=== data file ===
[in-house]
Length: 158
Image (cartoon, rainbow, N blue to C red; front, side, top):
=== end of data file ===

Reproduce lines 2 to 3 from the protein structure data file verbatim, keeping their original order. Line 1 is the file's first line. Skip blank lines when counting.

Length: 158
Image (cartoon, rainbow, N blue to C red; front, side, top):